May 27, 2018

Living Well—Nigerian Hummingbirds



Living Well—Nigerian Hummingbirds

I don’t watch the news. In 20 years of abstinence, I’ve grown sensitive on a more personal and subtle level. The issues are the same. I simply prefer them in homeopathic doses, and I trust that the most important headlines will find their way into my world.

When I heard about the abduction of 276 schoolgirls from their beds in Nigeria, a deep wound of pain and rage reopened. The man who called and told me about the crime said, “It’s gotten out of control.”

It was out of control way before the first incident. Actions don’t arise out of nowhere but out of our concepts of ourselves and the world, of what we accept and what we do not. As a culture, we condone the objectification and sexualization of young women with billboards of “gentlemen’s clubs,” of scantily clad models straddling power tools and liquor bottles, and movies portraying two-dimensional female characters—usually as victims or side dishes. Instead of honoring femininity, we capitalize on it. I watched the CNN broadcast of two of the schoolgirls who’d managed to escape, then began drafting my column. As I typed, a hummingbird hovered near my open window. I imagined her flying inside, blessing my home with sweet joy, but, of course, s/he would be scared, trapped and could get hurt trying to escape. I smiled at the fluttering angel, gave thanks for the visit, and went back to my writing.

For the most part, I’ve held strong to my childhood vision: a world of natural beauty and genuine humanity. Simple kindness still makes me weep. Acts of patience, compassion, and generosity often leave me speechless and nature soothes me like nothing else can. Oddly enough, horror touches me in the same place. Acts of love and acts of fear both break my heart wide open. My feelings are tidal waves. When I love, I love all the way; when I hurt, I hurt like a child. I feel helpless and outraged by things that are—or seem to be—beyond my control.

I want to be an agent of change. And I can be. If the flap of a butterfly’s wings can affect the weather on the other side of the globe, the questions I must ask are, “How am I responsible for this and what can I do?”

Recently at Café Gratitude, I did some witnessing. The same man who had told me about the Nigerian schoolgirls sat across from his lady eating lunch. Together they formed a vision of mutual adoration. However, as his lady spoke, another woman walked by the table toward the restroom. As she passed by, long legs and short cutoffs, my friend looked her over from top to bottom, bottom to top. When she reemerged, he repeated the gesture, then went back to “listening” to his lady.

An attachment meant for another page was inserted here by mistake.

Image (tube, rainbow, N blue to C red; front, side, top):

I wondered if the walking woman noticed, and if she did, what she thought. Did she feel complimented and a little superior, or did she perhaps feel self-conscious, objectified? I’ve been that woman and in her shoes. I felt sorry for the lady at the table. I continued to watch my friend and wondered if he thought about the impact of his actions on either of these women or on others who may have witnessed it. As an elder, did he realize that younger men and teenage boys may follow his example? It was a brief moment, a passing distraction, but several minutes later, the same woman went to the restroom again, and again my friend repeated his behavior. His lady looked down, closed her eyes, then looked up again and resumed speaking. A few minutes later, another woman walked ­­­by. More shorts, more legs, more looks. This time the lady at the table got up and walked away. The man looked baffled.

I wanted to speak with him, but not in that moment and not as an adversary. He appeared to be unaware of his actions—which is part of the problem.

This morning, during meditation, I remembered another story.

A dear friend of mine made a poor choice while attending a party. She went off alone with a man, following him up a hill. Once they were far from the others, he attempted to rape her, but this non-athletic, middle-aged, Middle Eastern woman did not allow it. I remembered sitting riveted as she gave her detailed account of how, in the midst of his brutish sexual assault she claimed her power and, through the use of compassion and communication, left the scene unscathed.

There are no mistakes. I’m sitting with all three of these stories. They are connected. We are all connected, all fallible, all powerful. Today I can think globally and act locally. I can send my friend a copy of today’s column and ask him to think about it. I can honor myself and other women, I can stand for sisterhood without shaming men, I can pray for those girls in Nigeria and I can imagine a better newscast:

“Today, like yesterday, trees performed an alchemical oxygen-producing miracle, enabling life to continue on the entire planet. Children awoke, hugged their parents and went out to learn and play with their teachers in nature. The latest technological advances include Tesla’s electro-magnetic train, which will provide transport from San Francisco to New York in under three hours without the use of fossil fuels. On a local note, sixteen couples tied the knot at the Inn, divorce rates are at an all-time low and early polls show a 100 percent voter turnout; highs in the 70s, great weather to visit the ocean.”

At the end, we’d allow two-minutes for deaths, crime and unemployment followed by a moment of silence for all parties involved. The hummingbird is back, tapping at my window. I don’t know what it means, but I like it.

Sage Knight is a local ghostwriter, editor, and Literary Midwife. She welcomes your visits to